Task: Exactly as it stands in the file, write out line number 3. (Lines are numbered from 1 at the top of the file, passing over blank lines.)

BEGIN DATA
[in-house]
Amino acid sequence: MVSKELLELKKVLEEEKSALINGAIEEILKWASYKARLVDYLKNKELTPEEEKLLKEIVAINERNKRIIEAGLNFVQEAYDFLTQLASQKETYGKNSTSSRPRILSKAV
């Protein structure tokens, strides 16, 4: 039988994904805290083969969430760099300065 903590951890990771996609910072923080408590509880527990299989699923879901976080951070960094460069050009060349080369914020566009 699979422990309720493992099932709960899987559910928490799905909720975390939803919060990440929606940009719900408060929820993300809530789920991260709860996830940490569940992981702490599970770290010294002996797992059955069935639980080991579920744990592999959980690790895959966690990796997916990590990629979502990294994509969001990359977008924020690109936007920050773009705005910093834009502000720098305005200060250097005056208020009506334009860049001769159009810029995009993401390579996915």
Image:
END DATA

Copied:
């Protein structure tokens, strides 16, 4: 039988994904805290083969969430760099300065 903590951890990771996609910072923080408590509880527990299989699923879901976080951070960094460069050009060349080369914020566009 699979422990309720493992099932709960899987559910928490799905909720975390939803919060990440929606940009719900408060929820993300809530789920991260709860996830940490569940992981702490599970770290010294002996797992059955069935639980080991579920744990592999959980690790895959966690990796997916990590990629979502990294994509969001990359977008924020690109936007920050773009705005910093834009502000720098305005200060250097005056208020009506334009860049001769159009810029995009993401390579996915």